Collaboration and psychological ownership: how does the tension between the two influence perceived learning?
- First Online:
- 358 Downloads
Collaborative writing may evoke conflict between individuals’ feeling of contribution and their sense of ownership toward the collective outcomes. The present study tested the relations between perceived psychological ownership, perceived quality of the product, and perceived learning in five experimental conditions: two collaborative, two sharing, and a control. Analysis of the changes made between versions revealed differences in quantity and in types of changes between collaboration, sharing, and control conditions. Results showed that collaboration may improve the perceived quality of the written product more than sharing or control. In addition, less intrusive collaboration seems to enhance the sense of perceived learning. The relation between perceived ownership and perceived learning was mediated by perceived quality of the written product. We conclude that students may avoid collaboration partly because they do not want to lose a sense of personal ownership or to lessen peer ownership.
KeywordsOwnership Collaboration Perceived learning
Unable to display preview. Download preview PDF.
- Astin A. W. (1993) What matters in college: Four critical years revisited. Jossey-Bass Publishers, San Francisco, CAGoogle Scholar
- Biggs J. (1999) Teaching for quality learning at university. Open University Press, Buckingham, UKGoogle Scholar
- Blum, K. D. (1999). Gender differences in asynchronous learning in higher education: Learning styles, participation barriers and communication patterns. Journal of Asynchronous Learning Network, 3(1).Google Scholar
- Conner N. (2008) Google apps: The missing manual. O’Reilly Media, SebastopolGoogle Scholar
- Coyle, J. E. Jr. (2007). Wikis in the college classroom: A comparative study of online and face-to-face group collaboration at a private liberal arts university. PhD Dissertation, Kent State University College and Graduate School of Education, Health, and Human Services. Retrieved August 5, 2009 from http://www.ohiolink.edu/etd/send-pdf.cgi/Coyle,%20James%20E.,%20Jr..pdf?acc_num=kent1175518380.
- Da Lio, E., Fraboni, L., & Leo, T. (2005). TWiki-based facilitation in a newly formed academic community of practice. In Proceedings of the 2005 international symposium on wikis (pp. 85–111). San Diego, CA: ACM Press.Google Scholar
- Dillenbourg P. (1999) What do you mean by collaborative learning?. In: Dillenbourg P. (eds) Collaborative-learning: Cognitive and computational approaches. Elsevier, Oxford, pp 1–19Google Scholar
- Dillenbourg P., Baker M., Blaye A., O’Malley C. (1996) The evolution of research on collaborative learning. In: Spada E., Reiman P. (eds) Learning in humans and machine: Towards an interdisciplinary learning science. Elsevier, Oxford, pp 189–211Google Scholar
- Dillon A. (1993) How collaborative is collaborative writing? An analysis of the production of two technical reports. In: Sharples M. (eds) Computer supported collaborative writing. Springer, London, pp 69–86Google Scholar
- Ede L., Lunsford A. A. (2001) Collaboration and concepts of authorship. PMLA 116: 354–369Google Scholar
- Etzioni A. (1991) The socio-economics of property. Journal of Social Behavior and Personality 6: 465–468Google Scholar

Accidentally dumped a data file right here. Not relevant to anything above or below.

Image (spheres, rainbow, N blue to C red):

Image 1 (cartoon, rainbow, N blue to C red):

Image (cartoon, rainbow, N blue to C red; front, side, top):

- Gilligan C. (1982) In a different voice. Harvard University Press, Cambridge, MassGoogle Scholar
- Gross P. A. (1997) Joint curriculum design: Facilitating learner ownership and active participation in secondary classrooms. Lawrence Erlbaum Associates, New JerseyGoogle Scholar
- Ioannou, A., & Artino, A. (2008). Incorporating Wikis in an educational technology course: Ideas, reflections and lessons learned. In K. McFerrin, et al. (Eds.), Proceedings of society for information technology and teacher education international conference 2008 (pp. 3353–3358). Chesapeake, VA: AACE.Google Scholar
- Jacobsen, D. M., & Mueller, J. H. (1998). Creating a collaborative electronic community of education scholars. ERIC Document # ED426732.Google Scholar
- Johnson, D. W., Johnson, R. T., & Smith, K. A. (1998). Cooperative learning returns to College: What evidence is there that it works? Change, July/August 27–35.Google Scholar
- Johnson D. W., Johnson R. T., Stanne M. B. (2000) Cooperative learning methods: A meta-analysis. University of Minnesota Cooperative Learning Center, MinneapolisGoogle Scholar
- Jonassen D. (1999) Designing constructivist learning environments. In: Reigeluth C. M. (eds) Instructional-design theories and models: A new paradigm of instructional theory. Lawrence Erlbaum Associates, Mahwah, NJ, pp 215–239Google Scholar
- Lund, A., & Smørdal, O. (2006). Is there a space for the teacher in a Wiki?. In Proceedings of the 2006 international symposium on Wikis –WikiSym’06 (pp. 37–46). Odense, Denmark: ACM Press.Google Scholar
- Ruberg L., Taylor D., Moore D. (1996) Student participation and interaction on-line: A case study of two college classes—freshman writing and a plant science lab. International Journal of Educational Telecommunications 2: 69–92Google Scholar
- Szulanski G. (1996) Exploring internal stickiness: Impediments to the transfer of best practice within the firm. Strategic Management Journal 17: 27–43Google Scholar
- Tynjälä P. (2001) Writing, learning and the development of expertise in higher education. In: Tynjälä P., Mason L., Lonka K. (eds) Writing as a learning tool: Integrating theory and practice. Kluwer Academic Publisher, Amsterdam, pp 37–56Google Scholar
- Webster J., Brown G., Zweig D., Connelly C. E., Brodt S., Sitkin S. (2008) Beyond knowledge sharing: Withholding knowledge at work. In: Martocchio J. J. (eds) Research in personnel and human resources management. Emerald Group Publishing Limited, West Yorkshire, pp 1–37Google Scholar